Fuel Economy & Toll Roads: Using One Problem To Solve Another

By NMA President, James Baxter

In the February issue of Car and Driver Magazine there were two articles that, in their own way dovetailed together to answer a question no one is asking, but perhaps they should be.

Csaba Csere, Editor-In-Chief, started out with a lament on the futility and pointlessness of the new federal Corporate Fuel Economy law. This is the political answer to reducing energy consumption and as Csaba points out, changing fuel economy standards does not change fuel economy.

Cutting to the chase; in the short and mid term the only way fuel consumption will be reduced is if we consumers change how we use this fuel. We can drive smaller and/or lower powered vehicles or we can drive less. Sure, there will be small improvements around the edges in terms of improved power plants and different fuels, but these techno fixes will not turn a 6000 pound SUV into a fuel sipper.

As far as driving less, it has never been our first (or second or third) choice.

The universal “motivator” and “attitude adjuster” is money. As fuel costs increase motorists look for ways to lower those costs; i.e. buying a more efficient vehicle. The cost of motor fuels will naturally increase if demand crowds supply; the prominent reason for today’s three plus dollars a gallon cost.

The other way to increase fuel costs and thereby reduce consumption is the European approach, levy an onerous tax on gasoline and diesel fuel. Mr. Csere indicates some sympathy for raising taxes with the caveat that they be raised on all energy sources, given that transportation only accounts for 20 percent of energy consumption.

Normally, this is where we would part company. Giving the government more money has one guaranteed result; we get more government. We don’t need more government anymore than we need more foreign adventures, more IRS regulations, or more traffic laws.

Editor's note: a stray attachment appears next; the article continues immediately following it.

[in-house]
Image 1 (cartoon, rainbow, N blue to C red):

But, then came Editor at Large Pat Bedard’s editorial on toll roads.

Pat described how our benevolent governments climb in bed with toll road operators to maximize toll road profits. This is primarily accomplished by making sure that the “free roads” (the roads we motorists have already paid for) are sufficiently crippled with poor maintenance, detours, traffic lights and lowered speed limits such that they cannot be a viable alternative to the toll road system.

These humanitarian gestures take the form of “no compete” agreements that effectively give the toll road operators a monopoly on functional transportation—all competitive public highways are rendered dysfunctional.

The bottom line is that toll roads and effectively managed public roads cannot coexist. The traveling public is ill served by those attempts to blend the two together. Don’t get me wrong; if some corporation wants to build a private highway absent government involvement, regulation, and support, go for it.

However, toll roads, as we know them, are reeking with government involvement, regulation, and support. There’s just no real public accountability.

Then it hit me; over in the Blue corner is Csaba Csere wanting to tax motorists to curtail fuel consumption, and in the Red corner is Pat Bedard railing against the perversions of toll roads and their handmaidens in government.

Here’s the answer to the question that hasn’t been asked: Significantly increase the fuel tax and apply the money to paying off all the toll roads and converting them to freeways. Use some more of that money to:

  1. Fix the roads that were destroyed to make the toll roads more profitable.
  2. Retime and synchronize traffic signal systems so they move traffic.
  3. Fully fund the traffic court system so the judges won’t feel quite so compelled to view traffic tickets as a profit center.

This is starting to sound like a “win win” situation!

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